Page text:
Dealing with Head Lice? Here is What You Need to Know
Suspect your child has lice? Act quickly with these tips.
Head lice are a common problem that often impacts school-aged children. However, adults may be susceptible to lice as well. Despite how common it is, dealing with head lice can be a frustrating and overwhelming situation.
If you’ve never encountered head lice before, you may not know exactly what you’re looking at when the problem pops up. Head lice are extremely small bugs that measure about two to three millimeters in length.
They are approximately the size of a sesame seed and are typically pale gray. A single bug is called a louse.
Head lice feed on small amounts of blood from the scalp of their victims. Lice will lay eggs and attach them to the portion of the hair follicle closest to the scalp.
The egg of a louse is known as a nit, which includes both an egg and a shell casing. A single egg is about the size of a knot in a piece of thread and is usually yellow or white.
When laid in light-colored hair, eggs can be extremely difficult to see. Lice emit a sticky substance when laying eggs, which allows the nits to adhere to the hair. When the lice eggs hatch, the casings stay behind and can often be mistaken for dandruff in the hair.
Getting rid of head lice
If your child complains of an itchy scalp or a tickling feeling, has visible sores, or has difficulty sleeping because of the discomfort, you may want to check for head lice. You can perform an inspection by seating the child in a well-lit room and combing through the hair with a fine-tooth comb. Lice tend to move quickly and avoid light, so they’re hard to spot.
Parents can often see the nits easier, as these do not move and remain affixed to the hair. If you cannot remove tiny particles from the child’s hair or scalp through combing, they are likely nits.
Over-the-counter lice treatments are available, but it’s best to check with your child’s pediatrician before beginning any type of treatment option. Some of the most common treatments include permethrin lotion, pyrethin-based mousse and shampoo, and ivermectin lotion.
Your healthcare provider can also prescribe stronger treatments if needed. Many treatments require multiple applications to kill the lice in their various stages of life.
Preventing the spread of head lice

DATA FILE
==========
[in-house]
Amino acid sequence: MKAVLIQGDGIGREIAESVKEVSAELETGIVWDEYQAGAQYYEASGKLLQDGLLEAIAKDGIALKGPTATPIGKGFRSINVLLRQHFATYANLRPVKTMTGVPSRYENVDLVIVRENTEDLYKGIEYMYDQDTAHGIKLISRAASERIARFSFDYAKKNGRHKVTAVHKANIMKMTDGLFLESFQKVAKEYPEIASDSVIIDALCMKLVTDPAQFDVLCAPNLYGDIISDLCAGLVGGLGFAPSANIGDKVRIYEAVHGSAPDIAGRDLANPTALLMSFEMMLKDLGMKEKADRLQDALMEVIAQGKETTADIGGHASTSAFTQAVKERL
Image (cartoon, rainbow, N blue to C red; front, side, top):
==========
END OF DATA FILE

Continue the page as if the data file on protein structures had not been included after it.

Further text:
You’ll want to wash your child’s bedding, towels, clothing, and headwear in hot water. However, lice cannot live on inanimate objects as they need access to a source of blood to survive.
All residents of the home should be checked for lice and treated if needed, as these bugs can spread through close contact. Some schools require children to be free of any nits before they can return to school, although both the National Association of School Nurses and American Academy of Pediatrics advocate for the discontinuation of these “no-nit” policies, as they can burden families and children.
Since nits are firmly affixed to the hair or scalp, they rarely transfer to other people. When the live lice have been properly eliminated, your child may be able to return to school, depending on their school’s policy.
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You may have heard some myths about head lice, which can make the situation even more concerning. However, it’s important to know that the presence of head lice is not indicative of poor hygiene. These small bugs feed on the blood from the scalp, and they will get it wherever they can find it, regardless of whether the victim’s head is clean or dirty.
Lice also do not spread disease, so they’re not particularly concerning from a health perspective. They are bothersome and their bites and saliva can cause itching and discomfort, so getting rid of them is important.
Constant scratching of the impacted area of the scalp can increase the risk of infection, but lice generally don’t cause any long-term health concerns for children or adults.
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